BUSINESS & ECONOMY

Minority entrepreneurs look to break into state’s burgeoning pot industry

BY Michael Hill, Correspondent |

Construction worker Crystal Gibson of Newark plans to build a future and a fortune beyond her 9 to 5 job, so she came to learn how to start a marijuana business in a state moving toward adult legalization.

“A lot of times we think living in an urban area that it’s impossible or we’re incapable of making our dreams come true, or we just don’t even know what direction to start in order to get that financial security,” Gibson said.

The New Jersey Minority Alliance invited California Cannabis’ Virgil Grant to teach Gibson and others the ropes. Grant took his profits from street sales and launched a licensed medical marijuana dispensary in the mid-90s in California. An industry profiteer, pioneer and prisoner, he became a federal target when one of his clients drove under the influence, killed a driver and paralyzed a law enforcer.

“I was raided, I was sentenced to six years in federal prison. Coming home, I got right back out, started fighting so what happened to me never happens to no one in this industry as a person of color,” Grant said.

Four years after his release, Grant owns 30 California marijuana licenses valued at hundreds of millions of dollars. He crisscrosses the country conferring with New Jersey’s and other lawmakers, advocates and budding entrepreneurs.

“Let me be very clear about this: We’re late to the party,” he said.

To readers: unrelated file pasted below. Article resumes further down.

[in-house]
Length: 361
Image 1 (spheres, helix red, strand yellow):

Grant said well-established, billion-dollar companies are positioning to profit in the $25 billion and growing marijuana industry. He encouraged attendees to pool their seed money, if necessary, for the five-figure application fee and other startup expenses.

“This is not a mom and pop shop anymore. We’re done from that. I need you to understand and to start thinking about how a corporation is set up,” Grant said.

Grant ran down a long list of how-to’s — choose a location with high traffic, accessibility and parking, but be mindful of schools and churches.

“Very important to have your security plan in place and they’re very strict,” he said.

Grant said in an environment where the federal government still calls marijuana a dangerous substance, know the law and know your rights.

“We’re now into the legal process of it, but things can happen, still, to this day. Don’t want you to be naive about it,” Grant said.

Grant has advised the New Jersey Minority Alliance in crafting a social equity plan. They’re demanding lawmakers include it in any adult legalization bill that becomes law.

“See, we were the priority when it was time to go to prison. Now we need to be the priority now that it’s time for licensing and legalization,” Grant said.

Dana Rone is the Essex County Register of Deeds and Mortgages and co-founded the alliance. She’s pushing back against members of the state Legislative Black Caucus who oppose legalization.

“An adult should be able to make a choice, as we do with alcohol, cigarettes, in whether we want to participate in the cannabis industry,” Rone said.

The city of Newark and the Community Economic Development Corporation both sponsored the Dispensary 101 seminar with the corporation providing scholarships.

“I’m hoping that a lot of Newarkers get informed. They become engaged and will become inspired to become involved in an industry that’s going to be huge,” said Juliana Blacknurn, chairwoman of the Newark Community Economic Development Corporation.

Huge as in profits, enriching eager entrepreneurs, big business and salivating states.